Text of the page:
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Database Design J.G. Zheng June 29 th 2005 DB Chapter 5.

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Presentation on theme: "Database Design J.G. Zheng June 29 th 2005 DB Chapter 5."— Presentation transcript:

1 Database Design J.G. Zheng June 29 th 2005 DB Chapter 5

2 2 Overview Entity Relationship Modeling Data modeling using Entity Relationship Diagram (ERD) Transforming ERD into tables

3 3 Introduction/Review Design is a process Analysis Requirements (user view) Conceptual modeling (ERD) (Logical) design Transforming ERD to tables and keys Physical design and implementation Using MS Access

4 4 Entity-Relationship Model A model to represent the real world Elements Entities Attributes Identifiers Relationships For ER Model, refer to the book on page

5 5 Entity Anything in the real world Entity class (entity set) A set of things of the same type Entity instance An exact instance of an entity class ERD notation for entity A rectangular box Books

6 6 Attribute and Identifier Attribute Properties of entity Notation: an oval Identifier An attribute with unique value to identify each instance Title Books ISBN Price

7 7 Relationship Notation: a diamond Degree of relationship Unary (recursive) – only 1 entity Binary – 2 entities Ternary – 3 entities N-ary – more entities BooksPublishers publish

8 8 Types of Binary Relationship One-to-One (1:1) A single entity instance in one entity class is related to a single entity instance in another entity class Examples: Governors : States Students : PantherCards ER Notation (Crows foot) GovernorsStates govern

9 9 Types of Binary Relationship One-to-Many (1:N) A single entity instance in one entity class (parent) is related to multiple entity instances in another entity class (child) Examples Customers : Orders Students : Degrees ER Notation (Crows foot) BooksPublishers publish

10 10 Types of Binary Relationship Many-to-Many (N:M) Each entity instance in one entity class is related to multiple entity instances in another entity class; and vice versa Examples Books : Writers Customers : Banking Accounts ER Notation (Crows foot) BooksAuthors write

11 11 Cardinality Describes participation in the relationship Figure 5.43 on page 423 Maximum cardinalities (types of relationships) Minimum cardinalities Optional (zero) or Mandatory (one) CertificatesProgrammers have

12 12 A Complete ER Example

13 13 ER Diagram Exercise Draw a ERD about movie data Lets only consider the following entities and their attributes Perfomers: PerformerID, FirstName, LastName, Gender Movies: MovieID, Title, Maker, Year MovieMakers(companies): MakerID, Name Assumptions A movie has at least one actor/actress An actor/actress does not have to be in any movie A movie is made by only one company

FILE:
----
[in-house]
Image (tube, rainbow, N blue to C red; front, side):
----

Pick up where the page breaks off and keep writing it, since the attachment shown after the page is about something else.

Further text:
14 14 Transforming ER to Tables Guidelines to create tables Each entity becomes a relation (table) Attributes of the entity become fields of that table Identifier becomes primary key Rules to transform relationships Based on the type of the relationship One-to-One One-to-Many Many-to-Many

15 15 Transforming 1:1 Relationships One-to-One The key from one relation is placed in the other as a foreign key LockerDesc Location LockerID Locker LockerID EmpName EmpID Employee Foreign Key Primary Key

16 16 Transforming 1:1 Relationships EmpID LockerDesc Location LockerID Locker EmpName EmpID Employee Foreign Key Primary Key Usually, it does not matter which table receives the foreign key

17 17 Transforming 1:N Relationships One-to-Many The primary key from the One side is placed in the Many side as a foreign key The foreign key is always on the Many side Instructor InstructorID FirstName Office Department CourseSection CRN Semester CourseID Time TaughtBy

18 18 Transforming 1:N Relationships Another example DeptName Location DeptID Department Dept EmpName EmpID Employee Foreign Key Primary Key DepartmentEmployee has

19 19 Transforming N:M Relationships Many-to-Many There is no direct way to map many to many relationships To represent an M:N relationship, a table is created (intersection table) for the relationship OrdersParts OrderItems

20 20 Transforming N:M Example Many-to-Many is designed as two One-to-Many relationships Create an intersection table with the primary key from each original table as foreign keys The intersection table usually has a composite primary key OrderItems OrderNum PartNum NumOrdered Orders OrderNum OrderDate CustomerNum Parts PartNum Description Class Price 1:N N:1

21 21 M:N Relationship Exercise Performers Movies Cast PerformerId FirstName LastName Length Title Character MovieId Gender

22 22 Database Design Language (DBDL) Customers (CustomerID, FirstName, LastName, Address, SSN, …) AK SSN Orders (OrderNumber, OrderDate, Orderby, ShippingMethod, …) FK Orderby Customers

23 23 IDEF1X Understand Figure 5.2 on page 384

24 24 Review Question Given the entities SUPPLIER and PRODUCT are one-to-many relationship, which of the following would represent the correct table design? A. PRODUCT (ProductID, Description, Cost) SUPPLIER (SupplierID, ContactName, PhoneNumber) FK ProductID PRODUCT B. PRODUCT (ProductID, Description, Cost, SupplierID) FK SupplierID SUPPLIER SUPPLIER (SupplierID, ContactName, PhoneNumber, ProductID) FK ProductID PRODUCT C. PRODUCT (ProductID, Description, Cost, ContactName) FK ContactName SUPPLIER SUPPLIER (SupplierID, ContactName, PhoneNumber) D. PRODUCT (ProductID, Description, Cost, SupplierID) FK SupplierID SUPPLIER SUPPLIER (SupplierID, ContactName, PhoneNumber)

25 25 Summary E-R diagram is used widely for database design Remember the rules to transform ERD to actual tables and relationships One to one One to many Many to many


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